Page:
the French language and refuse to j
study the beautiful Gorman langu-
age. These sinusites are a inusi
useful warning to the neutral coun
"If there are any still thinking of
siding with the allies, let ihem take
warning from the fate of the others."
Extent Of Territory Occupied
In connection with claims of ihe
extent of territory occupied by Ger
man troops, the following footnote
"When it is held th; t the Germans
have occupied no English territory
and that on iho coi.ir.iy ihey hae
lost all their African colonies,
amounting to some 3,000,000 square
kilometers, it must be remembered
that the English, according lo the
declaration of their ministers, are
not intending to secure any extension,
of the British Empire; that they have
entered tho struggle with only the
aim of helping the Belgians. That
is to say, the English have practical
ly pledged themselves to return the
German colonies after the war in ex
change for the evacuation and indem
nification of Belgium. The Germans,
therefore, are to recover all that they j
have lost in Africa." j
British Prisoners Taken j
It is claimed in this document that ,
more than 50,000 British have been '
made prisoners, and in this connec- j
tion the following statement is made:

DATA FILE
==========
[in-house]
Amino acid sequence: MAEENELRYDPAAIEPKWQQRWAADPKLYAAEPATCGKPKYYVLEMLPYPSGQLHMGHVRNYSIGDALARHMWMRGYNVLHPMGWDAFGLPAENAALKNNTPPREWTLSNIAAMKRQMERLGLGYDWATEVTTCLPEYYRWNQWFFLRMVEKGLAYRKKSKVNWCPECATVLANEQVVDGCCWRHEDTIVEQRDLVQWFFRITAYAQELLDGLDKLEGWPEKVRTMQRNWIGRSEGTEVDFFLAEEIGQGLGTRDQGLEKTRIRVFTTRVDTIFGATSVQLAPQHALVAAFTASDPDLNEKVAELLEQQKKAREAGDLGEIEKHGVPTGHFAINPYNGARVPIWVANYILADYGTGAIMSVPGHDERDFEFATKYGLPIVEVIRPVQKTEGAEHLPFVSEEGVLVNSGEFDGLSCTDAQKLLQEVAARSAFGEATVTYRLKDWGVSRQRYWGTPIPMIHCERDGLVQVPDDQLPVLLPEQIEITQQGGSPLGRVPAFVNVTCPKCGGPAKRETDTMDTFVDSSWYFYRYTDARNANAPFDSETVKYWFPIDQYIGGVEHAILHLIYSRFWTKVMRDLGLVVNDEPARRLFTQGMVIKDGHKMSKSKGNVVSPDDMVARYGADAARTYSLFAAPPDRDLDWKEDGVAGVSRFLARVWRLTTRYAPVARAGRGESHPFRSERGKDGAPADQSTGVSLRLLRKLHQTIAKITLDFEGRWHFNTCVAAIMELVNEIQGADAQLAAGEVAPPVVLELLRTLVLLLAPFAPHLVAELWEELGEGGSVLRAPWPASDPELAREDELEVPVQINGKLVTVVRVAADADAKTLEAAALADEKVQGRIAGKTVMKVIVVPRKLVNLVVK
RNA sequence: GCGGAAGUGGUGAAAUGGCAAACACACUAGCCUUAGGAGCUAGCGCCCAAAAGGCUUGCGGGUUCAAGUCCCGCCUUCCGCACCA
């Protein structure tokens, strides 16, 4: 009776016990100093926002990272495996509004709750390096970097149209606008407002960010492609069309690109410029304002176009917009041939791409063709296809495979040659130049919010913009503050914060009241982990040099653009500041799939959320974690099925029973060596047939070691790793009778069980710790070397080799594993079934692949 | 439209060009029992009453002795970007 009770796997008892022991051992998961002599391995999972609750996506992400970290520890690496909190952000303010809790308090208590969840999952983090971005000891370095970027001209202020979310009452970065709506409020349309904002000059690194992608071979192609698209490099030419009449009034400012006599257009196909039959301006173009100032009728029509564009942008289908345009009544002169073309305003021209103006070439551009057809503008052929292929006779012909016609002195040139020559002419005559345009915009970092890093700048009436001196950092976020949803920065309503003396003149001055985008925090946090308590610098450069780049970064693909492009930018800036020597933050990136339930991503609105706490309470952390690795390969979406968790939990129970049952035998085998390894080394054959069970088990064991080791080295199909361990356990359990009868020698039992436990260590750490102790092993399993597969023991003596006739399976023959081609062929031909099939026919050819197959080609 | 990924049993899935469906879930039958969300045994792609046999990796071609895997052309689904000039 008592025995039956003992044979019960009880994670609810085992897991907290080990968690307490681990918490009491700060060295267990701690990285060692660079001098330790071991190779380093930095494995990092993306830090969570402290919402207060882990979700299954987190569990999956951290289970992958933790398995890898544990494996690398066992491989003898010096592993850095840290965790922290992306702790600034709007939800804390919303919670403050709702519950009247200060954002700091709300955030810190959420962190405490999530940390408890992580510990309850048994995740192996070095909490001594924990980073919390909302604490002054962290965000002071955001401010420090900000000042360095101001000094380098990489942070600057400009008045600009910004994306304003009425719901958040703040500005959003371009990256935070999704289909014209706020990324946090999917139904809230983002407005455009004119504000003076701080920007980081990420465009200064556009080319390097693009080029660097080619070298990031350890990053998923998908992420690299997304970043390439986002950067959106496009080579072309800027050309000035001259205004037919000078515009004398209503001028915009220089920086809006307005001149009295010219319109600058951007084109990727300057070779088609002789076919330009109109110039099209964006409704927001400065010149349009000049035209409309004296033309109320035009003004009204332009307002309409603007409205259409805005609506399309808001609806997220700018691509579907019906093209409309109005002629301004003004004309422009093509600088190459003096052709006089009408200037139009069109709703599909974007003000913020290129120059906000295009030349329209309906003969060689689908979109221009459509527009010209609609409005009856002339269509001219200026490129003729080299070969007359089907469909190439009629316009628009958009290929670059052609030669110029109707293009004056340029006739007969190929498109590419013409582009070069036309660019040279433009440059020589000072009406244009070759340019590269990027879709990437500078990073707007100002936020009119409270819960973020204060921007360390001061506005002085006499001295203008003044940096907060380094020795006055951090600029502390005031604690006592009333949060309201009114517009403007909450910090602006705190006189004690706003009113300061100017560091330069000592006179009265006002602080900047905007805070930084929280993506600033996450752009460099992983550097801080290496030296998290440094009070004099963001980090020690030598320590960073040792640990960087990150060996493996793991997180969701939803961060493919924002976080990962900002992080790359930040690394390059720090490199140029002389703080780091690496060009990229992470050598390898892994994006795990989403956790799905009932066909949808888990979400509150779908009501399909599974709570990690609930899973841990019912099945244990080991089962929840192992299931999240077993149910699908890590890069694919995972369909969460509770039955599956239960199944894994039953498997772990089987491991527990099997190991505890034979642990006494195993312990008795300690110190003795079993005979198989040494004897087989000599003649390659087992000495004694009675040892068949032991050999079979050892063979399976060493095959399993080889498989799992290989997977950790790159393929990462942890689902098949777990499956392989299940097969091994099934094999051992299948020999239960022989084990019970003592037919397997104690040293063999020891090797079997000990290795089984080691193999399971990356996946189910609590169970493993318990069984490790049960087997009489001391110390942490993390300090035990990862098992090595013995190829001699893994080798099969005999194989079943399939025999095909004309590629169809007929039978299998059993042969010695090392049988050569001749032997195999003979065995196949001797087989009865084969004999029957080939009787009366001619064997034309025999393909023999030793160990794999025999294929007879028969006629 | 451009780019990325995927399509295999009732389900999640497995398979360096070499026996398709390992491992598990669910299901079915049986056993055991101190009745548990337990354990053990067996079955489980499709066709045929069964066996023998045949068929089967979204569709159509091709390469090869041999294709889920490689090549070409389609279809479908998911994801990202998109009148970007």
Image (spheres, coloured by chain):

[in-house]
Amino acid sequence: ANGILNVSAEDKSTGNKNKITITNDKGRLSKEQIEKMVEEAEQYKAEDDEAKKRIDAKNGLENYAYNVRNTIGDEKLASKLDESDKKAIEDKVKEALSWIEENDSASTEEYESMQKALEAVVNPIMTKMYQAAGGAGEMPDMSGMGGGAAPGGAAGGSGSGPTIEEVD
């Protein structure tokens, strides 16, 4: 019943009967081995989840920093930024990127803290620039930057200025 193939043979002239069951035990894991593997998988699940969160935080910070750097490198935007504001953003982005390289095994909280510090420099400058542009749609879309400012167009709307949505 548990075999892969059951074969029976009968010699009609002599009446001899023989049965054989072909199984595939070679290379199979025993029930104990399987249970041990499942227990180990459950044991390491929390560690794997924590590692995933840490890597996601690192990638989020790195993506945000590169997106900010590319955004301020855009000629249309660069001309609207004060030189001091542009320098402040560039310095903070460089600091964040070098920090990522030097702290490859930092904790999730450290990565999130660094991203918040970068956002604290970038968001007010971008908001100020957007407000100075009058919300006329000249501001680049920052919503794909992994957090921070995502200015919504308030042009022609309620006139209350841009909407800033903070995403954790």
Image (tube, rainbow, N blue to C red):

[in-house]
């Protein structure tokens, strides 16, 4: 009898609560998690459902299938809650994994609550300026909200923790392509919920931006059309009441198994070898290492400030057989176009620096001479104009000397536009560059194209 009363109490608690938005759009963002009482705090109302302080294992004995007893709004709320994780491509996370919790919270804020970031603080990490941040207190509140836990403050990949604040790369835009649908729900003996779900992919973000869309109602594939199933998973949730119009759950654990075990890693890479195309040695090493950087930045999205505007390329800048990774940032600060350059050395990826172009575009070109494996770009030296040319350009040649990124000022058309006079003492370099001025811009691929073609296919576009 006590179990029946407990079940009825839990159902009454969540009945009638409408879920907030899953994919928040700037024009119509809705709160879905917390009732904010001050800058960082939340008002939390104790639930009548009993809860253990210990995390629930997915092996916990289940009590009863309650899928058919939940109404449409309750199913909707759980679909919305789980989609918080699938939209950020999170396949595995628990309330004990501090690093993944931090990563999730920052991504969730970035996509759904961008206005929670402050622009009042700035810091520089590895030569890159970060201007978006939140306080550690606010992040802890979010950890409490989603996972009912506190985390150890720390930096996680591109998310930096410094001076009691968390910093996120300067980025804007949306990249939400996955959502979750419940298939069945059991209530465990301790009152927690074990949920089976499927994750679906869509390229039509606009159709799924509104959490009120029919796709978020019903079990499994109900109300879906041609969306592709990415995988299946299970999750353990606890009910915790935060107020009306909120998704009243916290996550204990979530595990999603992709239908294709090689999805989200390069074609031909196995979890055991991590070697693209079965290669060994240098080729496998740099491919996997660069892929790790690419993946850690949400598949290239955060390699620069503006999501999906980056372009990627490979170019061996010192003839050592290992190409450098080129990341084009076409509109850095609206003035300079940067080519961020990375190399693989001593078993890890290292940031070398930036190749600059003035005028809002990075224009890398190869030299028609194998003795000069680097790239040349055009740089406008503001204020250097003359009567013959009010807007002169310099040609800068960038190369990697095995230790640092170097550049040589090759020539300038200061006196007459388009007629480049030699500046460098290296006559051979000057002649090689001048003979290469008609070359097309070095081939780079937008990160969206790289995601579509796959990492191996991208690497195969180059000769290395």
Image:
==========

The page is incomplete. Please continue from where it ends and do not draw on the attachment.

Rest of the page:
"Although to these figures the Eng- ;
lish oppose' 121, Sot! German prisoners '
taken by them on the western front,
it must be remembered the English
treat their prisoners with notable
kindness (blandura notoria), while
the regime imposed on tho English
prisoners by the Germans is one of
extreme rigor; so that the Germans,
with a small number of prisoners, j
have secured a much superior moral
effect. Besides, to the 2.201 ollicers
and 51,"2" soldiers, must be added
the several thousand English prison
ers that have died in consequence of
disease, scanty food, and olhi r acci
dents in German concentration
Note The foregoing figures n ward
ing British prisoners refer t; the
total pior to the recent offensive.
Gi ient.i I's
Shim. If. . .
Ah Sam, of. .
bami, ss-D. .
Chuck, lb'. . .
Alci Tom, 2b.
Ah I-oy. lib. .
Chong, p. . . .
Kido, ss-3b. ... 3 1
Buke, c 6 1
Wallace, of. ... a 0
Harrison, lb. . 5 2
Leandis. 3h.-ss. 2 2
Char, rf 4 1
Thompson, If. . 3 0
Kalauawe, p. .. 5 2
St tai Young, P. l-o
-..S' 3S 9
Kasninoki out. interforeiici
Alo missed batting.
1 2 3 4 5 6'
r r . -
- ; Ji
3 II 1 0 0
1 o :; 0 n
o o 0 (I i
II 1 lo l o
2 li 2 3 2
0 It S ll 0
1 0 0 3 1
it 0 2 12
o o J n 2
10 0 10
S 1 27 !l S
I) 0 0 0 5
2 15 10
3 1 10 0 2
0 0 2 2 1
2 110 0
0 10 0 0
2 1 1 2 0
1 " 0 10
12 G V 8 8
Kong, cf. . .
Roeha, lb. .
Char, rf. . . .
Ktiuiya. 2b .
Koani, rf. .
Wicki, p. .
40 15 14 3 27 10 3
3 4 5 G 7 8
0 0 210
0 0 38
by Alo, 1
. ... 0 1 2 1 1 0 1 1 2 9
. ...02221102 2 12
run. Aki Tom, Shim, Char.
hit, Semi Young. Two base
Harrison, Luke. Struck
1 ; Chong, 1 ;
1:10. Scorer W. Mcderrow.
PAIA vs. PUUNENE
CUBS vs. STARS
i s in a
2 0 10
Runs 04001045 115
Hits 0 4002034 114
Runs 11000120 05
Hits 3 1 0 0 1 1 3 0 0 9
Homo run, Robinson, Char. Three
base hit, Robinson, Rocha. Sacrifice
hit, Rocha 2, Nakamura 1. Struck
out hy Robinson, 10, lcki r. Base
on ball Wicki 1. Passed ball, Yemoto